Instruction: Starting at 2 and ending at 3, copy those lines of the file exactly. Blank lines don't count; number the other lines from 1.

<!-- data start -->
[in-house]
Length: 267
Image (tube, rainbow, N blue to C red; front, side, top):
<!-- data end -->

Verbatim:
Length: 267
Image (tube, rainbow, N blue to C red; front, side, top):